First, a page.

Fred G. , Jul 23, 2008; 04:53 p.m.
I've always thought of music as mostly nonthematic and nonnarrative and more symbolic or stylistic. The reason musical categories aren't arranged by subject matter is that music itself doesn't typically have a subject matter, only lyrics do. Many writings on esthetics (from Plato to Langer) approach music differently from the "visual" arts because of the latter's more representational nature. (Of course, there is abstract visual art, but we are used to making representative associations even with visual abstractions more readily than we make thematic or narrative representations with sound -- programmatic music is an exception). Attempts such as Fantasia to "interpret" music visually and narratively seem to do more to miss the point of the music than to enhance an understanding of it. Although such endeavors can be fun!
So I think photography is by its nature different from music and that may be why its categorizations are approached differently. That being said, I wouldn't put too much stock in PN being representative of how photography is often presented. I have many stylistically-oriented books. Avant-Garde Photography in Germany is one that encompasses an array of subject matters from architecture to portraiture to street shooting and the overriding factor is precisely what you're talking about, style and technique. Annie Leibowitz's new book, A Photographer's Life, is intentionally put together chronologically so that her portraits are interspersed with family photos, landscapes, and personal visions.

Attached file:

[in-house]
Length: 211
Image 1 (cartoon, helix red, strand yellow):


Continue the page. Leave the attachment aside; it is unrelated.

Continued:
I think it would be interesting, on PN, to set up an alternative universe of categories like you're suggesting. It would give some freshness and vitality to submission behavior. As you mention, it might tune more people into the fact that there can be more to a photo than whether or not it's "about" a pregnant woman or a lake or a flower or an old wrinkled up face or a homeless person on the street. It might make us conscious of the approach and vision as well as the topic and narrative. It might suggest a focus on *how* as well as on *what* we see.
I also can't imagine the will being there to make this actually happen on PN.
Thanks, Paul, you've made a great point.